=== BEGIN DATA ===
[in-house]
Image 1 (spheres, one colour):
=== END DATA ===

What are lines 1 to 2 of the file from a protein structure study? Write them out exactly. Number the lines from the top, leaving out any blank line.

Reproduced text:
[in-house]
Image 1 (spheres, one colour):